Bringing up baby ... later
Births postponed for lifestyle reasons
Pregnancies drop for under-30s: Report

Jul. 13, 2005. 06:34 AM


For Sandra Andrade, the idea of having children right now sends shivers down her spine. She's not mentally or financially ready, confessed the 31-year-old Toronto teacher who is getting married in two weeks.


It's not that she dislikes children. In fact, she loves children. But Andrade and her husband-to-be "feel young at heart. We want to live life to the fullest, and unfortunately kids right now are not in the picture."


Andrade is not alone. Statistics Canada's national study of births in 2003 found that 47.9 per cent of women giving birth were over 30 — a dramatic shift from 1983, when only 24.6 per cent of women who gave birth were over 30.


Here in Ontario, 54 per cent of mothers were age 30 and older; 46 per cent were under 30, in the 2003 annual report, just released.


So why the stunning reversal? Why are young women waiting to have children?


It's all part of what the experts at the Vanier Institute of the Family — an Ottawa-based think tank on family trends — call delayed life transitions. "We wait longer to make the big decisions that mark various transitions in the life course," explained Robert Glossop, executive director of programs at the organization.


Partially it's due to the fact that people are marrying later. The average age of a Canadian bride in 2001 was 32 years old; a groom was 34.5 years old, according to Statistics Canada.



Other possible reasons for the delay in starting a family include continuing education longer, entering the workforce later and living at home, said Patricia Tully, a senior analyst with Statistics Canada.


Glossop believes the roots of this delay and the resulting demographic shift can be traced back to the parents of the boomers who were raising children in the late 1940s and early 1950s. They chose to educate their daughters as much as their sons, Glossop said.


And there's the rub.


"That's the revolutionary turning point in modern culture," he said. "With that comes women's labour-force participation and the need for educational credentials.


"Then you throw into this mix effective birth control and a culture of expressive individualism, which encourages people to seek individual happiness and experience."


Economics and feminism also play a role, he said, especially when you factor in the need for most households to have two incomes to survive. So many 20-something women end up deciding they will get an education, pay off their student debt, get a job and establish their career, long before they even think of a so-called "Mr. Right," Glossop said.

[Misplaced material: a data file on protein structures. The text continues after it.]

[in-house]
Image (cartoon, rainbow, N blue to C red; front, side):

Indeed, the labour market for women has changed quite dramatically since the 1960s, said Daniel Trefler, a professor of business economics at the University of Toronto's Rotman School of Management.


"The opportunities out of the home are much more lucrative and personally rewarding," Trefler said.


"(Women) want to defer that decision, which they know is going to trap them at home."


For Trefler, there is a broader and perhaps more important question to be asked about the dynamics of women in the workplace, even after they have finally had children: "Why do women find it more rewarding to be outside of the house than they used to and is that because discrimination is less?" he asked.


Birth control has played a huge role in allowing young women to choose to wait to have children, said Martha Friendly, a researcher on child care and family policy at the University of Toronto. "When I was young, birth control wasn't as well developed. The control over reproduction has really changed over the decades." And that has meant women can say no to babies with almost 100 per cent certainty.


Another factor Friendly believes is deterring young women from having children is the high cost of raising a child, including the expense and lack of affordable and good quality daycare. "If you want to have a career and be in the workforce, you have to have good child care and to be able to afford it. Child care is no more accessible than it was 25 years ago."


What's more, young women these days have a lot they want to do, she said. She points to her 25-year-old daughter as an example. For her and her friends, the issue of having children hasn't even come up yet.


"It's not so much that there is only one option open to them. They have a lot of things they want to do: further education, travelling, trying different careers."


The same lifestyle reasons that motivate Andrade. She and her fiancé plan to travel, solidify their careers and buy a house.


"Just to have another human being that you're 100 per cent absolutely responsible for, well, I'm not ready for that yet."